According to Mayhew, Manning raved about Caldwell's abilities as a quarterback mentor as well as a head coach.
Manning is as respected as any player in the league. Even if his call didn't necessarily put Caldwell over the top, it had to be a comfort to a front office that was looking for a coach to put Matthew Stafford back on the development track after an error-filled season.
"Stafford is a lot like Peyton was early in his career, making a lot of explosive plays and some mistakes," Dungy told The Associated Press. "Jim was able to get through to Peyton to teach him that he could still make explosive plays without taking so many risks. And, he'll help Stafford do that."
Caldwell also has the backing of 17-year NFL quarterback Kerry Collins, whom the new Lions coach tutored at Penn State in the early 1990s.
"(He) taught me what it took to play at that level, the preparation that it took and the attention to detail to doing things the right way all the time," Collins told the Detroit Free Press. "Not just some of the time, all of the time. That was his big thing, and as a young quarterback, it was a message that I really needed to hear and one that really helped me as I moved forward in my career."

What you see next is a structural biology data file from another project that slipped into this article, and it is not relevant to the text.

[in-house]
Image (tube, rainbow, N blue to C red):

Dungy and Collins both suggested Caldwell's greatest influence on quarterbacks is in teaching them how to eliminate mistakes and understand what goes into winning games at football's highest level. That makes him an excellent choice to guide the raw but uber-talented Stafford in Detroit.